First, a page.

Silver amalgam fillings predominantly contain silver a known bactericidal agent and mercury which a known toxin and has bactericidal property. So how is it that the plaque bacteria survive near the filling margins and produce fresh caries?
Amalgam fillings are made from an alloy. The properties of the chemical elements bound into an alloy are different than the properties of those elements in different forms. The fillings do not release any biologically significant form or biologically significant amount of either silver or mercury. They are essentially inert.
Plus silver antibacterial effects are quite modest. The existence of fine cracks and gaps between amalgam and tooth provide wonderful hiding places for bacteria - and that shelter is probably more important to the bacteria than any negative effects of the silver.
The silver and mercury are heavy metals and absolutely poisonous. However, they are present as amalgam in fillinmgs - an alloy with various constituents including mercury and silver. As such, mercury is not as volatile as it is in its pure elementary form and is basically bound to the rest of the solid-state metals. However, it can still evaporate in small amounts nonetheless, and I quote from the website of the FDA on this material:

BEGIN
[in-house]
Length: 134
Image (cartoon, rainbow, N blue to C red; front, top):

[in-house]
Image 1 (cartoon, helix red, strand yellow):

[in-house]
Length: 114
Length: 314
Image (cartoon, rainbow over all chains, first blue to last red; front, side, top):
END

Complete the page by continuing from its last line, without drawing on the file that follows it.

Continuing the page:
Hence, although mercury is released, it is shown to be dangerous only after it accumulates in the organs. It, apparently, does not linger around at the place of release. Silver likely stays where it is in the amalgam, as it is a solid. Given that the FDA does not make mention of it, and since the FDA has done a thorough study to the adverse effects of amalgam, silver is probably not released in any significant amount.
In all, I think the explanation to why cavities still form is because the mercury vaporizes and re-accumulates elsewhere in the body into, possibly, toxic amounts. Other metals, including silver, are not released at all.